Decades ago, I first heard a sales trainer describe the importance of recognizing prospects from the vast field of suspects. The point rang true for me so I've been conscious of it ever since in my own sales and marketing efforts. As a small business consultant, I have trained clients on how vital it is. It's more important than improving your selling technique. In fact, figuring out the difference is part of having great selling techniques.
Small business people, and multilevel marketing reps, often view the entire community as their prospects. That's why so many of them used to run ads in general circulation newspapers and then were surprised at the poor results they were getting.
It's also why sales people become frustrated in their prospecting activities. You waste your time when calling on people with no cars if you are trying to sell them tires. The same is true about everything in life. Most people fall into the category of suspects, even if you think that they should need your products and services.
Lesson Learned the Hard Way about Ideal Prospects versus Suspects
When I owned my small business that did printer maintenance, I wanted to get into higher end fax and multipurpose machines because people bought them with service contracts that covered maintenance and toner. I figured that a showing them the true cost of ownership of a cheap multi-function inkjet would cause prospects to appreciate the benefit of switching.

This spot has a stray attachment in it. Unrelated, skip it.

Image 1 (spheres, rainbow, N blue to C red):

Things that Would Have Marked Suspects as Prospects
The mistake I made was in considering small business people to be prospects instead of going after larger businesses, large law firms and colleges where at least three factors would have made a big difference.
- More potential products and contracts per sale
- Greater appreciation of the return on investment from a lower cost of ownership
- Understanding of the value of having equipment serviced regularly for fewer problems and greater reliability under heavy workloads
Only later did I realize that I wasted my time. Really small businesses operate on such a financial shoestring that buying an inkjet was better because the price was less up front and there was no contract monthly. Even though the cost of ink cartridges was outrageous in comparison to my offer, they could deal with the purchase when it happened, not now.
This experience happened years ago when my understanding of my ideal customer profile was more intuitive than actually thought out. Today I look more closely at figuring out who my ideal customer is and what they have in common so that I can aim my marketing messages to fit what they are looking for. In other words, my selling technique now involves focusing on real prospects and ignoring the much larger numbers of suspects. I make more sales this way.
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